Mike Locksley can relate to the game of football as a way of life, because neither one has been easy for him.
Inner-city D.C. A struggle to simply survive, let alone find a way out. A not-so-nice neighborhood, and sports the only outlet for youngsters trying to grow up.
"I had a lot of adversity," Locksley, a senior and two-year starter in the Towson State secondary, was saying yesterday.
"You did whatever you could, cut the corners, anything, to get ahead. Nothing ever came easy. It was like that at home and like that when I came to Towson.
"I was small and skinny -- the guys teased me and called me 'Manute' -- and I had to fight to prove my point. I never lifted weights in high school -- my school [Ballou] didn't have much -- and I was 6-2 and 175 when I came to college."
At Towson State, there was a redshirt season, a couple of years of sharing time -- first at safety and then cornerback -- and then last year, when Aaron Bates went down with a knee injury, a home at free safety.
The final college season for Locksley, now bulked up all the way to 191 pounds, and his fellow senior defensive backs, Justin Harper and Keith Williams, has been an up-and-down one. And now the unit, which has junior Julian Blair as the other starter, has a chance to go out in style.
On Saturday, for the second straight year, the Tigers will be at home with an opportunity to upset Youngstown State, a Division I-AA playoff team the last three years and four of the last five.
It will be the final game of the season for Towson State (1-9), while Youngstown (7-3) will come in ranked No. 14 and bidding to move up with an impressive victory.
"That's the way it was last year. They were unbeaten and you could tell they weren't enthusiastic about playing us. They just wanted to pick up a 'W' and leave," Locksley recalled.
"I remember it vividly. We were trying our best to salvage a season and our goal was to upset them." The Penguins got a touchdown and two field goals for a bruising 13-0 triumph, a game in which Locksley had five tackles.
"Now, it's our goal again -- to upset them. That would make it a positive season for the team."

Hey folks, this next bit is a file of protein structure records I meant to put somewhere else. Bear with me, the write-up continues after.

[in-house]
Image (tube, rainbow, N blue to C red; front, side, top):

Positive years, making something of himself, is what Mike Locksley is about. He will graduate in May with a degree in marketing, and is interested in coaching at the college level.
"I want to put D.C. behind me; it's a trap. Not just Washington, but all inner cities. I want to get out and coach, but I'd go back to the cities and show the people there is a way out.
"A lot of guys in my neighborhood were good athletes, they just never got a chance. Sports are a way out, but the kids need direction, need counseling. I can use my experiences. I've seen both sides.
"You're competitive by the time you are eight or nine and there is all the peer pressure. You can't not be an athlete -- all you do is play games and run around."
Early in his Towson State career, he was a backup to Brian Hall, a veteran defensive back. "He taught me a lot, and now I've been working with Marcellus Campbell, treating him like a son, teaching him."
Having a "son" is not new to Locksley, because he became a father his sophomore year at Towson, and mother and son -- as well as Locksley's own mother -- come over from Washington for the games.
Ohio State at Michigan, chs. 13 7
Duke at North Carolina, Ch. 45
Virginia Tech at Virginia, Ch. 50
Tennessee at Kentucky, TBS
Houston at Texas Christian, HTS
California at Stanford, chs 13 7
West Virginia at Syracuse, ESPN
Miami at Boston College, ESPN
Alcorn State at Jackson State, BET